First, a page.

...But Can't Reach The Ultimate Goal
Bruce Bohannon set two more records in the Exxon Flyin' Tiger on
Saturday, November 13, but the one he really wanted once again
Flying out of his home airport in Angleton, Texas, Bohannon
piloted his highly modified RV-4 higher than it's ever been
before-47,530 feet. But that was about 380 feet lower than the
all-time piston altitude record of 47,910 set in 1946 by a US Air
Force B-29, and about 1,800 feet shy of what's required to exceed
the mark by 3 percent.
"You see the end of this runway?" he said after the flight.
"That's about what we missed it by."
But he broke two of his own world records, the airplane's 29th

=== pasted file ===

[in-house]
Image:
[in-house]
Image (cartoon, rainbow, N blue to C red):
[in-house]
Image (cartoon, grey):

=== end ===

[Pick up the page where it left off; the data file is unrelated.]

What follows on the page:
and 30th, on the way up. Bohannon hit 12,000 meters in 20 minutes,
36 seconds, to establish new time-to-climb standards in the
Unlimited and C-1.b classes. The old record was 22:29.
"Everything went perfect, from the aircraft to cooperation with
the controllers (ATC)," he said. "We flew right on the numbers."
The airplane had 11.5 inches of manifold pressure and was running
about 10.5 gallons per hour, which Bohannon said translates to
about 125 HP. "It should have had plenty of climb left, but it just
would not go higher."
So what's left to tweak in order to capture the elusive
"We're starting to suspect the prop may be the problem,"
Bohannon said. "We'll talk to the Hartzell people this week and see
what we can come up with."
The Exxon Flyin' Tiger team will press on for the elusive
altitude mark. "We're not giving up. Everything worked as well as
we had hoped. If this were easy, we'd have done it a long time ago.
But it's so close now we can almost touch it."